Wuala is a new way of sharing files, which utilizes peer-to-peer technology. Being a P2P service like BitTorrent, Wuala is decentralized and can harness idle resources of participating computers to build a large online storage network. Under the network, Wuala users agree to share some of their hard disk space in exchange for space on other people’s idle drives. In return, Wuala rewards its users that stay online and the rule is simple: the amount of storage users have access to is equal to the amount of storage from their own drives that they’ve set aside for the Wuala network, multiplied by the average percentage of time that their machine is online.
In short, you use a desktop application to allow for drag and drop sharing and it let’s you trade your disk storage for additional online storage. Great idea, but some may start to worry.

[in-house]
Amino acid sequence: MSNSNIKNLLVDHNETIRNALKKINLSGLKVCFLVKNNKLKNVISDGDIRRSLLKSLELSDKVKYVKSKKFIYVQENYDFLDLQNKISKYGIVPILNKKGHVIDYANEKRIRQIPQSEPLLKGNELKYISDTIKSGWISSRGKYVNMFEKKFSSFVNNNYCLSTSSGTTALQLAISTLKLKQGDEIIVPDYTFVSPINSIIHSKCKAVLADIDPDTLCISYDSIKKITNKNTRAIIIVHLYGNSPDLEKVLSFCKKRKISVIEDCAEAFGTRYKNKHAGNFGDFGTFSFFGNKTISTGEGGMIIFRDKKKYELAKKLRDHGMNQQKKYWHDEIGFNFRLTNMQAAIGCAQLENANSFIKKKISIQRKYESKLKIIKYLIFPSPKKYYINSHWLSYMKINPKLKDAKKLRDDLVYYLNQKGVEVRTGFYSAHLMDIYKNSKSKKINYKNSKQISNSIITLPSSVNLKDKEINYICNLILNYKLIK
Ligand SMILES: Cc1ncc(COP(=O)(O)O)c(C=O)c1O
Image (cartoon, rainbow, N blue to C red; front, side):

Is it secured? Will my privacy be intruded?
In fact, security is one of the major focus in Wuala’s view. The whole network builds on a technically sophiscated infrastructure – it employs 128 bit AES algorithm for encryption and the 2048 bit RSA algorithm for authentication. All data is partitioned and encrypted, to dispel concerns about privacy or irresponsibility. Thus if you crave privacy and don’t want to share personal videos and photos over through sites like youtube and flickr, Wuala is a choice.
btw .la extension represents Los Angeles, which is the first city to be awarded an Internet address.
[tags] p2p, files sharing, wuala [/tags]